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3 Ways to Strengthen Customary Land Rights in Indonesia

Until 2012, Indonesia did not formally recognize the existence of its indigenous peoples. Its 1999 Forestry Law effectively allowed the government to convert adat or customary forests into state forests. Once within state jurisdiction, forests could be converted into private concessions. Thirty percent of Indonesia’s territories have been handed over to private companies as concessions, with many of them overlapping with indigenous lands.

Since then, Indonesia has undergone significant reform and is moving in the right direction in terms of recognizing customary land rights. However, such efforts are beset by challenges, the most recent of which was the Ministry of Environment and Forestry’s decision to postpone the formation of a task force to protect indigenous peoples’ customary land rights.

Here are three ways Indonesia can strengthen land rights for indigenous peoples and local communities that will also benefit the government, businesses and the environment.

1. Form the long-awaited task force and ratify legislation acknowledging indigenous land rights

President Joko “Jokowi” Widodo must fulfill his commitment to form a task force that will protect customary land rights. Establishing this task force would signal the government’s seriousness about tackling this issue.

The task force is an important step towards ratifying the Indigenous People’s Rights Acknowledgment and Protection Bill (PPMHA), which would define indigenous communities and set up procedures to settle customary land disputes. The measure was labeled a priority for 2014 but was not enacted. Since then, President “Jokowi” has reiterated his commitment to ratify the bill. Such a decision would follow the landmark 2013 Constitutional Court ruling recognizing indigenous peoples’ lands as no longer being a part of state forests. The Ministry of Environment and Forestry recently announced that it will redistribute 12.7 million hectares (about 31 million acres) of concessions and state forests as village, community and partnership forests in the next four years. This redistribution is another good move, but must be accompanied by effective implementation. According to Indigenous People’s Alliance of the Archipelago (AMAN), indigenous lands cover between 40 and 70 million hectares (between 99 and 173 million acres) in Indonesia.

2. Leverage collaboration with actors involved in sustainable palm oil

Strengthening customary land rights and sustainable palm oil are compatible goals with overlapping objectives and should be addressed collaboratively.

As the largest palm oil producer in the world, Indonesia has made progress in working with businesses to move towards zero-deforestation palm oil. President “Jokowi” recently extended a moratorium on issuing new conversion permits for primary forest and peatlands, putting the total land covered by the moratorium at just over 65 million hectares (160 million acres). Indonesia has also initiated the Indonesia Palm Oil Pledge (IPOP), a partnership between the Indonesian Chamber of Commerce and Industry (KADIN) and palm oil companies to improve sustainability and make palm oil deforestation-free. This follows efforts by many major palm oil companies to sign on to a zero-deforestation pledge; these companies cover 96 percent of global palm oil production.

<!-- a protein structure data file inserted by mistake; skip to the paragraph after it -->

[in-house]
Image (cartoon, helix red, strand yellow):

However, both the government and businesses should give greater emphasis to secure customary land rights as a strategy to achieve zero-deforestation palm oil. There is growing literature on the link between community-owned forests and reduced deforestation. WRI’s 2014 report, Securing Rights, Combating Climate Change, found that legal land and forest rights for communities and government protection of their rights tend to lower deforestation and carbon dioxide emissions.

In addition, conflicts over land ownership may result in unexpected legal and material costs for businesses and the government. Analysis by The Munden Project shows that companies that ignore land tenure rights expose themselves to potentially catastrophic financial risks. Conflict with local communities can also result in lost productivity and opportunity costs that are irreversible, according to a Harvard Kennedy school report.

3. Prepare and release better geospatial data

Any legislation that aims to protect indigenous and community land rights or foster business-government partnership to prioritize community land rights as part of sustainable palm oil will need more geospatial information in order for them to be implemented effectively.

AMAN recently provided 604 customary land maps to the director-general for social forests in the Ministry of Environment and Forestry. These maps cover a total of 6.8 million hectares (17 million acres) and is a promising early sign of collaboration between AMAN and the ministry. Indonesia’s One Map Initiative, unveiled by the National Data Spatial Infrastructure (NDSI) in 2014 aims to resolve disputes over overlapping land use permits. But that initiative only included some 4.8 million hectares (12 million acres) of indigenous lands, a fragment of Indonesia’s estimated total. Such a map or database needs more maps of customary lands and state forests to seriously represent indigenous peoples’ rights.

Secure Customary Land Rights Benefits Local Peoples, Environment and Business

If these three steps are implemented, we can end up with stronger land tenure rights for local peoples, reduced deforestation and carbon emissions, lower cost risks for businesses and better management of Indonesia’s state forests. That way, indigenous peoples and local communities stand to benefit in a way that is also favorable for the government, businesses and the environment.

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